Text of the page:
Portions of the hotel’s Old Imperial Bar have been retained in the new hotel, so we went upstairs for a peek.
Finally it was getting close to pick-up time for the tour, so we plopped down in some chairs to wait within view of the entrance. As I think I’ve mentioned, we decided to pay for a tour out to the Ghibli Museum because we’d heard that getting out there was a little more complicated than just hopping a train, and we wanted someone who could interpret stuff for us since the museum doesn’t offer English translations for the displays. There’s also something complicated about buying tickets—they’re dated and limited or only available at certain convenience stores or something. I can’t remember. But buying a tour and tickets in advance through trusty old Viator.com just seemed like a good idea.
It looked like less of a good idea when, 10 minutes after the pickup time, no one had shown up to collect us. The way these Viator tours work is, the bus has a scheduled pickup at a bunch of local hotels, and you pick the one that’s most convenient for you to meet the bus. I started trying to call Sunrise Tours, the local operator of the tour, as we headed out front to wait, but finally a couple of harried-looking guides appeared and directed us toward the motor coach.
So the tour was a little funny at first. This big motor coach full of other tourists picked us up, stopped at one other hotel, and then swung around the block, where we all got booted off it at a bus station.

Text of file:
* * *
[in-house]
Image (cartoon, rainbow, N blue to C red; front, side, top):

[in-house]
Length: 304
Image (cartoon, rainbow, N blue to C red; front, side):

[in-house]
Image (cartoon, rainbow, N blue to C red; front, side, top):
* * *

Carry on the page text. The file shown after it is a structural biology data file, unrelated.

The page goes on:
What we saw on our 10-minute bus ride:
At the bus station, we went to a general Sunrise Tours holding area and were all sorted out and directed to different windows, where we got our tour documents and joined a much smaller group of people who were headed for the Ghibli Museum. I don’t understand why, if they can charter a motor coach to bring everyone to the bus station, they can’t keep it to actually take us to the museum instead of making us take public transportation together. But it was a small tour of 15 people, so maybe it’s not worth their while.
Our guide led us onto a train back to Tokyo Station (where Patrick and I could just as well have met them rather than take the subway to the Imperial Hotel, then ride a motorcoach to a bus station!). She then switched us to another train out to the suburb where the Ghibli Museum is, Mitaka. Once we got to that station, we took a Ghibli-themed local bus to the museum. Our guide had all the tickets we needed—we just followed her around.
Of course I freaked out when we got to the “ticket booth”…
Our tour guide was a gem! You could tell she genuinely loved Miyazaki’s movies and was quite familiar with them. She spent an hour taking us to each area of the museum and explaining it, because the signs are not in English. Really, I dunno how we could have done it without her! I mean, we could have, but it would have been a big hassle, and we would have gotten much less out of the museum. As it is, I’m sorry I hadn’t seen more Miyazaki films before we went, because now that we’ve done the complete marathon (well, OK, we didn’t make it all the way through My Neighbors the Yamadas” I realize how much I missed at the Ghibli Museum!
Now here’s the bad part: This amazing, fantastical place doesn’t allow photos! I’m not sure if it’s a practical thing to save the art from camera flashes or if it’s a philosophical decision to make guests more contemplative of what they’re seeing, but I think it stinks! So instead I’ve taken some crummy photos of the photos in the souvenir book we were forced to buy because they don’t allow photos.